Annelise: When we did the new version of Spectacle Obscura, and I wrote for Brian for the first time it was a magical mind meld. And it was great. I think that it was probably my influence, Kel’s (Kel Millionie, Artistic Director of DNA Theatre) influence aesthetically, that really helped to find and form this thing that really works for Brian.

Brian: There is a lot of influence from all those works I mentioned, but I’ve always been fascinated with séances and dark magic.

Is this a show that’s going to be produced by another company, like DNA Theatre?

Brian: Right now the show is professional independent project and collaboration. We’re not associating the experience with any local theatre company directly. . We’re actually— and I can’t really announce it yet— e partnering with a historic mansion in downtown Baltimore.

Annelise: We are finalizing the contract with them now, so we won’t announce it just yet, but it’s a real mansion. And it’s going to be awesome. And we’re very excited about it.

What exactly is a Planchette? Other than the title of your show?

Brian: It is the little heart-shaped device…pointer…for the Ouija Board. Annie knows more on its backstory:

Annelise: It’s French. It comes from the history of the board itself. Before the board as we know it there was a table with a hole and a pencil hanging down, and that part was called the Planchette. I don’t know of anything else that’s called that. It is something specific to the Ouija Board. So the secondary tagline there is: “When the dead speak, they might be talking to you.” So that’s the idea we’re doing with this experiential show. They’re going to be talking directly to you.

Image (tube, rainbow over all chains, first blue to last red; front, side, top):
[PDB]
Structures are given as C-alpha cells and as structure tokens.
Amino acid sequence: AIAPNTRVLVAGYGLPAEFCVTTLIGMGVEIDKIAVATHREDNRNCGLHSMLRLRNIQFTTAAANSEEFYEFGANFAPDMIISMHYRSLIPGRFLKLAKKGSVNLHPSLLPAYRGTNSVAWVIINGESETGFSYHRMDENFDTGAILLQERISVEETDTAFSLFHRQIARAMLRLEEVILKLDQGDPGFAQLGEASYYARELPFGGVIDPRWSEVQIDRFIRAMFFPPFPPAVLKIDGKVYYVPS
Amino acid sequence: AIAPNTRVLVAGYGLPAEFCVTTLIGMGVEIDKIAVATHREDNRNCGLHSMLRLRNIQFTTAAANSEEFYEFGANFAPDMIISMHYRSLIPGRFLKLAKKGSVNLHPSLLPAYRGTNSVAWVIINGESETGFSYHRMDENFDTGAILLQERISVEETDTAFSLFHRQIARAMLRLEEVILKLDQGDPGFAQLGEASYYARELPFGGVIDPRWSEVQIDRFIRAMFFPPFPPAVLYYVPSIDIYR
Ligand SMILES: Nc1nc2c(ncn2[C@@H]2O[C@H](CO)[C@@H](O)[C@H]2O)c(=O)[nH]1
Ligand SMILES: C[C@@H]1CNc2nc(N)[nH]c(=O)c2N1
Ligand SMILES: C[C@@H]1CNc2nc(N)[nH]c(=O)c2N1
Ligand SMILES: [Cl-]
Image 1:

When you say experiential theatre, what does that mean?

Brian: Do you want to tackle that?

Annelise: Well, traditional magic shows are semi-participatory. You know, “I need a volunteer.” That’s what people love about magic shows. But with Planchette one we wanted to make sure that everyone was working together to create the illusions that make the piece work. Without the audience this show doesn’t work. Brian, is of course, a magician and has created some really stellar effects that are specific to Planchette . But without the audience and the psychology of the audience it doesn’t work. So without giving away— because we want people to come to the show and we want them to be surprised— everybody is working together to create the experience.

You’ve thrown around the word séance a fair bit now. Are you basing this persona and concept of the show on anything that is specifically local to Baltimore other than the fact that the Ouija Board guy is buried in Baltimore?

Brian: We are. We are touching a lot on the history of The Ouija Board. The Ouija Board started here in the late 1800’s. And when you say “The Ouija Board guy” I think you’re talking about Elijah Bond and his gravestone. But we’re talking about the bigger picture Ouija Board guys. The Fuld Family— and specifically William and Isaac, brothers— they really took over that patent from Elijah Bond and created what pop-culture knows to become the empire of Ouija Boards.

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Annelise: The Ouija Board as we know it today attains its power because it’s very familiar and iconic. It’s familiar and unfamiliar at the same time. That board as we know it was created by the Fuld Brothers after the patent. And even when Elijah Bond had the patent, the Fuld Brothers were very involved with the creation of the board. It became a household name.

There is a frightening element to The Ouija Board, particularly with the way it has been suffused into popular culture. Are there veins of the horror or thriller genre worked into this show or does this lean more toward the spectacle and supernatural side of things?

Brian: How much do we want to give away?

Annelise: Hmm. I think I would call this spectacle. I don’t know that I would call this horror. I mean, there are certainly some frightening elements. But we play with the whole idea that the board has its associations with fear. That it has its mysteries.

I know personally, I received a board as a birthday present my sophomore year in high school and was not allowed to bring it into the house because my mother was afraid of it.